It is a condition that is marked by deep longing, and a sense of estrangement. Longing for the home that is no longer available and being estranged from the place that gives one refuge. Without this longing, without the need to return, without the promise that one would eventually return, the exiled would become an émigré, not that the immigrant does not long for home or does not feel strange in the adopted land. As Dante said, only the one in exile knows “how salty another’s bread tastes and how hard it is to ascend and descend another’s stairs.”

The Dalai Lama speaks of himself and his people as a people in exile. He also says that Tibet today is a community built on suffering and exile. As the Dalai Lama, he has twin responsibilities. He is to his people a manifestation of Avalokiteshvara, the Bodhisattva of compassion. So long as the people of Tibet have faith in the institution of the Dalai Lama, he is duty bound to lead them spiritually and as a spokesperson of their struggle for justice. His being in exile places on him the second responsibility. He must keep the possibility of eventual return alive. Not as longing but as promise.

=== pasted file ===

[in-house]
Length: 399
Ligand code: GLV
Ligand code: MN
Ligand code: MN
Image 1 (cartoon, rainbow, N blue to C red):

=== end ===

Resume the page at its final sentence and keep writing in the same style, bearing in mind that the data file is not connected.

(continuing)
When Pranab Mukherjee, as external affairs minister, characterises the Dalai Lama as a ‘respected guest’ and then advises him to refrain from political involvement, he displays astonishing ignorance about both the institution of the Dalai Lama and responsibilities of one who is in exile. A person in exile cannot but be political. It is politics itself that has created the condition of exile.

The people of Tibet have a right to their politics, however uncomfortable that might be to the Indian state. And as India finally affirmed, political protest is a way of life in a democratic society, and this right is available in equal measure even to those in exile. It is available to the people of Tibetan origin against the apathy of the Indian state as much as against Chinese repression.